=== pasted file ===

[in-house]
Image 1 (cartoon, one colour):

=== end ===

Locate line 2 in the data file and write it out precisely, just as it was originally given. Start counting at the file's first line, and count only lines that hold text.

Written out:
Image 1 (cartoon, one colour):